Ceasing to Exist


I’ve been thinking a lot about death and dying recently. Not about my own death, but about it in the more abstract sense. About ceasing to exist.


I guess I should start by saying that I just read The Fault in Our Stars. I started it on Sunday night and finished it last night. I don’t I’ve ever read a more painfully beautiful story. What is it about a book that causes the hours to fly by? That keep you reading and reading, well after you should have turned the light out and gotten some dang sleep?

This book was like a sweet drug, pulling me in and forcing me to continue on, knowing that the end result would be pain. Because for me (and so many people in the world of childhood cancer), the fiction of this book is a reality. I sit in an office each day, surrounded by thank you notes and photos from children across the country, dead and alive. Kids who are at all stages in the battle against childhood cancer. Augustus was real for me. Because I interact with kids just like Augustus and Hazel every day.

Sometimes doing what I do puts my head an a very dark place. And it should. Kids are dying. 49 kids every week in the U.S. alone. While it feels good sometimes to know that I’m doing something about it, it also can put me in a dark place personally. It isn’t the kind of job you leave behind when you walk out the door at 5pm.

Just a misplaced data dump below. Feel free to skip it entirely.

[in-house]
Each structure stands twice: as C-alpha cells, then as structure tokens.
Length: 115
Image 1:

So perhaps my timing on reading The Fault in Our Stars wasn’t the best. But I’m still glad I read it.

The thing is, perhaps because of what I do, I spend more time than most worrying/wondering/being scared shitless about the afterlife. Most days, I’d consider myself Agnostic but a borderline atheist. I want not to be. I would love to believe in something. I just can’t. I get anxious every time I think about not thinking. About the fact that when you die you just die. That you just cease to exist. I have to consciously put the idea out of my mind or I’ll start to panic a bit. It terrifies me.

I, much like Augustus, want to feel like my life meant something. Because realistically, in 200 years no one will know I existed or had thoughts or feelings or fears or that I ate too much pizza and hated the color orange. It seems that historically, you have to do something either amazingly good or horiffically bad on a huge scale to be remembered. I probably won’t be. But I still want my life to mean something.

That’s all for today. Sorry for the weird mood.

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